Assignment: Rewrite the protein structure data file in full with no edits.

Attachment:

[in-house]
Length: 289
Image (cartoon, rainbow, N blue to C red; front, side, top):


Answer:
[in-house]
Length: 289
Image (cartoon, rainbow, N blue to C red; front, side, top):